Sale Court House is a complex of rendered brick buildings constructed in stages by the Public Works Department of Victoria in 1863, 1874, 1889, 1920, and 1986. JJ Clark designed the original 1863 Court House which featured three arched openings and a gabled court room with a hipped roof over the main offices. The public entered through the middle arch which led directly to the central court room, flanked by a Barristers' Room, Jury Room, Clerks Office, Judge's Room and Magistrate's Room. Access to a Writing Room and Upper Gallery was provided on either side of the public entrance. In 1874 the Court Room was enlarged by adding three rooms to the northern end (also designed by JJ Clark). A small Prisoner's Room attached to the 1863 Barristers' Room was demolished in 1889, when a Supreme Court and linking corridor were added to the western side of the building. The Supreme Court features a central court room with clerestory windows and offices with lower roof levels flanking the court room. Externally, the Supreme Court is notable for finely detailed decoration displaying Greek, Roman and Egyptian influences. An additional room was added to the front south-east corner of the building in 1889-90. Further alterations occurred in 1920 and, in a major upgrade in 1986, a new slate roof was installed and a wing added at the rear of the building to house a Family Court, offices and library. Additions have been generally sympathetic with the Victorian Free Classical style that characterised the original 1863 building. The judge's chambers and later courts have retained their identity and original usage, and the Supreme Court retains many early features, including its timber court room furniture and fittings.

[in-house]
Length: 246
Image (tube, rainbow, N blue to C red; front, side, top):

How is it significant?
Sale Court House is of historical, architectural and aesthetic significance to the State of Victoria.
Why is it significant?
By demonstrating progressive development since 1863, Sale Court House is historically important as a reflection of the growth of Sale from its mid-nineteenth century pastoral beginnings to its modern role as a major regional centre and local base for the Bass Strait oil enterprise. The Court House is historically important for an association with the explorer geologist Alfred Howitt, who led the Burke and Wills relief expedition in 1861 and later became police magistrate at Sale from 1877 to 1889. It is also historically significant for an association with the noted Public Works Department architect JJ Clark, who designed the original 1863 building and additions to its northern end in 1874. As a complex of buildings which has undergone major works in 1863, 1874, 1889, 1920 and 1986, the Sale Court House is historically important for demonstrating a sequence of court functions showing the evolution of the court system in Victoria.
Sale Court House is architecturally important as a representative, generally intact example of a Victorian Free Classical style court house built in the 1840-1890 period. Despite progressive renewal and expansion, the floor plan retains the essence of the building's many alterations and additions.
The exterior of the 1889 Supreme Court building in the Sale Court House Complex is aesthetically important for exhibiting an unusual use of exotic ornamentation displaying Greek, Roman and Egyptian influences.